That being said, it’s important to point out that history does not determine the past. Some respected critics of these two financial institutions, such as Joseph Stiglitz, argue that the “issue is fundamentally of reform.” It might surprise some that Stiglitz, who is the chair of the Socialist International Global Commission on Financial Issues, sees reform of these “development” institutions as possible or even desirable. I often get the feeling in conversations with friends that anyone vaguely left is supposed to abhor the idea of “development” and recognize all conceptions of it as culturally imperialist. While most manifestations of “development” are imperialist and need to be attacked, one of the frustrating internalizations of the post-development approach on the left is that many adopted a reflexive critique of anything called “development” without engaging in the messy work of imagining what it means to create space for “’local agency’ to assert itself,” as post-development theorist Arturo Escobar encourages.
On a personal level, conversations about development (desarrollo en español) in Guatemala over the past three months have shocked me. After attending numerous talks put together by leftist organizations, I have often heard people talk about development as the realization of local communities’ desires. In addition to organizing bravely against destructive “development” projects from organizations such as the World Bank, the intellectuals and activists I have talked to also have concrete ideas about what would support everyday Guatemalans. For example, rural communities across Guatemala recently blocked many major highways for three days in order to push for the passage of the Comprehensive Rural Development Act as security forces killed one protester. Clearly, development discourse in Guatemala is contested.
Oftentimes, leftists who talk about “development” seem content to critique existing institutions without offering alternatives. The lack of interest in presenting alternatives is problematic on two levels. First, it’s wrong; alternatives exist. While finding ways to give power to local groups so they can shape their future is difficult from the Global North, imperfect models and examples exist. For example, some organizations and even parts of the World Bank have been supporting Community Driven Development (CDD), which “provides control of the development process, resources and decision-making authority directly to community groups.” While Bebbington et al. describe how CDD projects need to understand communities as complex political entities, initiatives like this demonstrate the possibility of organizations such as the World Bank genuinely acting in solidarity with people in the Global South. Similarly, while the IMF is a deeply problematic institution today, there are many possible reforms that would allow the IMF to manage fiscal crises more democratically and write off odious or counterproductive debts. Refusing to research or offer alternatives to contemporary “development” institutions is wrong because it ignores how institutions from the Global North could support the self-determination of people around the world.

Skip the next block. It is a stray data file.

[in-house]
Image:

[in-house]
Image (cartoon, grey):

If “no one is free while others are oppressed,” leftists cannot ignore the fights going on around the world for positive change, which sometimes are termed development. In this vein, it is worth investigating the root of some leftists’ disinterest in supporting the aspirations of communities around the world. I have gotten the sense that many people feel that doing international solidarity work “right” can feel extremely daunting. While many reasons exist, guilt about the history and current reality of imperialism as well as the failures of the “development” industry can seriously discourage leftists from finding ways to act in solidarity. If guilt makes you feel that international solidarity is impossible, find ways to move beyond it. Impressive examples of solidarity on the left exist; just look at United Students Against Sweatshops’ (USAS) work with the Bangladeshi labor movement to use their position as students to pressure brands to sign the Bangladesh Safety Accord. The USAS article hyperlinked above explains that the accord has legal teeth “to adjust [brands’] pricing structures and constrain their ability to shift production to anywhere they please,” and unions “view the agreement as a vital step forward for workers in Bangladesh.” International solidarity isn’t only possible, it’s necessary in the fight for justice.
Second, disinterest in presenting alternatives is a rhetorical mistake. It’s much easier to convince someone that the terrible practices of the IMF and the World Bank must end if you can present alternative methods to support human development. Do you know how many liberals and progressives roll their eyes when they hear people bashing development? Rhetorically speaking, there’s often a wide gap between convincing someone and making a passionate argument. Because many people want to support human development, it can be helpful to have initiatives that you are willing to say “yes” to. If you want to convince someone to change their position radically, it often helps to come across as nuanced.
Ultimately, the roots of the unequal and exploitative economic landscape we see today come from the violent history of colonialism and imperialism. The Global North has “developed” at the tragic expense of the Global South, and addressing this injustice requires listening closely and acting in solidarity. There’s no way to fight global capitalism in the long-term without the workers of the world.
Notes: I have been very busy in Guatemala, and I wish that I had enough time to post more to this blog. I’d also like to appreciate and acknowledge the way that friends, teachers, and activists in Guatemala have shaped my thoughts through sharing theirs. Finally, I have made a few small edits.